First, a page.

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Lebanon

Constitutional & Legal Foundations

The Lebanese constitution, which was written under the French mandate, has not changed with regard to guaranteeing freedom of teaching and education in Lebanon, as long as educational institutions do not transgress upon public order and are not disrespectful of any religion. Therefore, any qualified organization or individual can establish an educational institution, provided that they adhere to the general guidelines concerning education decreed by the government and their curriculum does not incite religious bias. These guidelines are usually promulgated by ministerial decrees without parliamentary approval.

The Ministry of Education for Youth and Sport rulings governing primary and secondary education as well as the Ministry of Culture and Higher Education rulings governing post secondary education (decrees 7001-7004 of October 1946, modified by decrees in January 1968 and November 1971, as well as the 1994 educational reform and the 1995 new framework for education in Lebanon) express the aims of public education in Lebanon as follows:

  1. Primary education in Lebanon aims at providing children with needed basic skills to develop their moral, intellectual, and physical character as well as to assist them in assuming the responsibilities of citizenship.
  2. Intermediate education aims at helping students to discover their interests and potentialities as well as to guide them toward a branch of knowledge or vocation that may be compatible with their interests and potentials.
  3. Secondary education aims at providing training to a select group of students for advanced study at the university level or for subprofessional positions requiring a certain amount of mental development.
  4. The new reforms of the 1990s (projets de restructuration du system educatif) have aimed at consolidating the links between the pre-university teaching and higher education and at realizing an equilibrium between general education and technical or professional education.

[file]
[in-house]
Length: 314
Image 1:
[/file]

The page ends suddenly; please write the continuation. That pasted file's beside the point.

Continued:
These reforms set by the National Center for Educational Research and Development and approved by the Council of Ministers in August 1994 seem to have modernized the Lebanese educational system in accordance with the world's progressive education and technology. In addition, these reforms established in clear terms the principles and guidelines for new curricula, which draw on known international and local experiences. They also limit the different pillars possible for educational formation, the relationship between general education and technical or professional education, as well as that relationship between all forms and levels of education and the work market or the needs and aspirations of the Lebanese society. For instance, teaching two foreign languages was one of the established principles. The emphasis was on creating a citizen who is proficient in at least one foreign language in order to promote openness to and interaction with other cultures. Thus, teaching the first foreign language starts at the beginning of schooling, and the second starts in the seventh grade. The major guidelines underlying the language curriculum are: language learning is learning to communicate; language varies; learning a new language is becoming familiar with a new culture; language learning is most effective when it takes place through meaningful, interactive tasks; and language skills are interdependent.

However, after three years of implementing the new curricula, the Lebanese Minister of Education for Youth and Sport (Mr. Abdel-Rahim Mourad) appeared on the Lebanese Broadcasting Company International (LBCI) on January 18, 2001, and complained about some of the gaps that resulted from implementing these new curricula. It was very difficult for that ministry to fund the most up-to-date technologies to carry out the new educational responsibilities. Also, there was a lack in human resources, for materials in the new curricula have almost doubled and there are not enough teachers to train them for the new responsibilities.


Additional topics

Education Encyclopedia - StateUniversity.comGlobal Education ReferenceLebanon - History Background, Constitutional Legal Foundations, Educational System—overview, Preprimary Primary Education, Secondary Education